Good fortune can have a funny way of shining on a documentary in progress. The guiding hand of fate can sometimes leave its mark on a project, providing an unexpected shift in focus that leaves you looking at something resembling a happy accident.
A couple of years ago, tour documentary As the Palaces Burn followed in the footsteps of genre classic Gimme Shelter, as its intended narrative (ostensibly a straight tour rockumentary) gave way to a tragedy – morphing into something larger, more complex and arguably much more intriguing that what was originally intended. Recent efforts like Catfish and Capturing the Friedmans saw the filmmakers forced to change tack partway through the projects, reacting to happenstance and evolving the film as a consequence of the unfolding events. It’s not uncommon for the finished product to bear little resemblance to the movie you began making, or at least the one you began watching.
David Farrier and Dylan Reeve’s Tickled continues this trend, beginning as a playful jaunt into the world of endurance tickling and ending as a disquieting look at exploitation and coercion. Farrier, a journalist based in New Zealand, chances across a video online that shows a handful of people (exclusively male) partaking in what is referred to as “endurance tickling”, in which participants are restrained and tickled. With a background in light popular culture and niche entertainment, Farrier reasons that this is perfect material for an interview and contacts the company that produced the video. Confusingly, Farrier’s request is met with hostility – much of it explicitly homophobic – and before he knows it, he’s face-to-face with a trio of lawyers angrily warning him off the scent. Farrier, along with cameraman and co-director Reeve, react by travelling to the USA to scrutinise the company in question and investigate the history of online endurance tickling videos.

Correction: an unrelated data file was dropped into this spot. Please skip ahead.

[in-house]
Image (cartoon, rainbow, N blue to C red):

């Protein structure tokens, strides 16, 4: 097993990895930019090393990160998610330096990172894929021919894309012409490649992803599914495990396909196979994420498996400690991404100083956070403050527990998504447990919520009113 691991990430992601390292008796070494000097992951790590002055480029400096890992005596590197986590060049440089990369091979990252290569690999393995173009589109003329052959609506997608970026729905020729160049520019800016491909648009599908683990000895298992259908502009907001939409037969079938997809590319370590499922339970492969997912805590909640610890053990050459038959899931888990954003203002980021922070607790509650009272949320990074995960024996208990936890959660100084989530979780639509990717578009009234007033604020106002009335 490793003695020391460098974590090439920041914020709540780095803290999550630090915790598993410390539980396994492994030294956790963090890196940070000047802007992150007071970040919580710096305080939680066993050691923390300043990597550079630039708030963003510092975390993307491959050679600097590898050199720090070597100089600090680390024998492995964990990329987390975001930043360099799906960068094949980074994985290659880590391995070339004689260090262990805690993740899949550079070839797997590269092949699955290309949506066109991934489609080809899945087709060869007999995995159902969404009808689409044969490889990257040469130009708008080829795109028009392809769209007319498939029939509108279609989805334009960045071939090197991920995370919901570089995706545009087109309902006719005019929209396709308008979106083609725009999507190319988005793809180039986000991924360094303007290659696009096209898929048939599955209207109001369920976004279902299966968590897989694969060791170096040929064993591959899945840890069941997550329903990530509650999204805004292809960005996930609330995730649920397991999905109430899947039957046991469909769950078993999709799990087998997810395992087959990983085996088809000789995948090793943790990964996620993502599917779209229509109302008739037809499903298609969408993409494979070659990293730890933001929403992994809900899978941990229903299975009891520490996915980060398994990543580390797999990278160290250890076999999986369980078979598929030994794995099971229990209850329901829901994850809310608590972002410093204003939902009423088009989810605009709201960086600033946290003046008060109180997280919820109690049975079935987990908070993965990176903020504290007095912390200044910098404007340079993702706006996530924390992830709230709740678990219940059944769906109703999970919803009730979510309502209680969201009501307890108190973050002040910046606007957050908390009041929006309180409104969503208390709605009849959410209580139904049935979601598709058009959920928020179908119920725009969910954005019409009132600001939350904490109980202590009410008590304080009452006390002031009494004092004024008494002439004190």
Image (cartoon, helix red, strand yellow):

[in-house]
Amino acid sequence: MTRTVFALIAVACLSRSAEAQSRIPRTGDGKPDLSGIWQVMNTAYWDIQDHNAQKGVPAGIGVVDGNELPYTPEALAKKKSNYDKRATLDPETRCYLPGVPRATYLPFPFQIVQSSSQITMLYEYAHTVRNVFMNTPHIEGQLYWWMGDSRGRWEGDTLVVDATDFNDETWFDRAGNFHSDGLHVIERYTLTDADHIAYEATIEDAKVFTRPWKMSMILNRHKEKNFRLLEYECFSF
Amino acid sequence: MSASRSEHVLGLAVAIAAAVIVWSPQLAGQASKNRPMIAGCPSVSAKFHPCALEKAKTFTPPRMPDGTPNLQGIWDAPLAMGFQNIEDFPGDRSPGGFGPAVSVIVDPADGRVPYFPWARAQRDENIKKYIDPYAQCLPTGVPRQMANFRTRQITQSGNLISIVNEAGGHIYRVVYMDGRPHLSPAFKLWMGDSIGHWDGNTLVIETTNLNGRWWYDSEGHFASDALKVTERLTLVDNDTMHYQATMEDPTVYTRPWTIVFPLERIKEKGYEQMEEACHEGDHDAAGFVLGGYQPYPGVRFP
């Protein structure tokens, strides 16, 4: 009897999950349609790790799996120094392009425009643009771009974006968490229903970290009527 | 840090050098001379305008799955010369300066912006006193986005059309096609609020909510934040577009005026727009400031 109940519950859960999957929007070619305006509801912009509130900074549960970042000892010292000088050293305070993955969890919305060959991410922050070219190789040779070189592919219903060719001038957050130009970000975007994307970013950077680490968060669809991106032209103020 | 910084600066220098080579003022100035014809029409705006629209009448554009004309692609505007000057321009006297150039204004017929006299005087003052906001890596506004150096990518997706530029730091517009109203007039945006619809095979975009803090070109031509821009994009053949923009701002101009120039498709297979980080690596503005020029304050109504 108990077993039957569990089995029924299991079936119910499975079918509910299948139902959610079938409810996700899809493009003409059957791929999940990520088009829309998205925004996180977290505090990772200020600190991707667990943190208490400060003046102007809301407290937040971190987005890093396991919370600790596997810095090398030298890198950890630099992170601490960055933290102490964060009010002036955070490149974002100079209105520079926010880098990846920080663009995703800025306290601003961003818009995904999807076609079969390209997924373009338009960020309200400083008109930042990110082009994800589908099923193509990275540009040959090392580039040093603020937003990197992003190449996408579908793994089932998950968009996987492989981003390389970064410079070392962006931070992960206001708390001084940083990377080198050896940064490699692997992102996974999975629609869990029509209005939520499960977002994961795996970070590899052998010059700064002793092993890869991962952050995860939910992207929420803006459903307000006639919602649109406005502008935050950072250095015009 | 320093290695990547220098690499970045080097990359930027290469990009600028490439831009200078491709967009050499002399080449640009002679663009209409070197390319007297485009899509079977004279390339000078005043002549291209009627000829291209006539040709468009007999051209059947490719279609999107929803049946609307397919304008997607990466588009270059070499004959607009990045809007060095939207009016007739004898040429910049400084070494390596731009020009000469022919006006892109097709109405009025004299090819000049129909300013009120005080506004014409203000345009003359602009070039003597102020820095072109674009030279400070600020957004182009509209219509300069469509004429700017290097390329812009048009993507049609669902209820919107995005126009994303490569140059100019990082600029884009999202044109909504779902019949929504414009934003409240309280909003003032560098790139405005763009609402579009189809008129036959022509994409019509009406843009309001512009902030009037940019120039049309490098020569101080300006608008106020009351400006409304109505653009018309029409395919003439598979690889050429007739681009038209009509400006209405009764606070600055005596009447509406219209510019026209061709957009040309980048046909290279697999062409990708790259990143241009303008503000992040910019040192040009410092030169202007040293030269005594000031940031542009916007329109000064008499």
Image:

For Farrier and Reeve, what began as a piece of fluff quickly morphs into something far more intimidating. In broad terms, Tickled bears some similarity to Louis Theroux’s My Scientology Movie. That movie isn’t really a documentary about the Church of Scientology – it’s a documentary about not being able to make a documentary about the Church of Scientology. Likewise, Tickled is not really a movie about endurance tickling, tickling fetishism or even tickling in general. It’s a movie about being undermined in the pursuit of a story and the bullying, despotic tactics of the men who would seek to obstruct journalists from uncovering the truth.
It’s tricky to discuss at length without giving away some of the particulars that make Tickled such an engrossing watch. In the course of their investigation, Farrier and Reeve kick over a stone and find a rotten nest of undesirables scuttling underneath. The infrastructure of the endurance tickling businesses, if it can be called a business, is plainly a squalid one. Its focus alternates between the victims of intimidation and blackmail that run rife in the world, and the shadowy personas behind what turns out to be a genuinely unpleasant set up.
Farrier presents with a deadpan style that lends itself well to what is often a farcical and bleak subject matter, cutting through some of the more bizarre or grim developments with a sardonic sense of humour. A sense of futility seems to hang over the project at the finale, leaving you with something of an empty, unhappy feeling, but Tickled is still a fine example of the kind of serendipitous mess in which documentary-makers find themselves as their films take on lives of their own.
Dir: David Farrier & Dylan Reeve
Prd: Carthew Neal
Country: New Zealand
Runtime: 92 mins
Tickled is now available on digital download and available on DVD/VOD from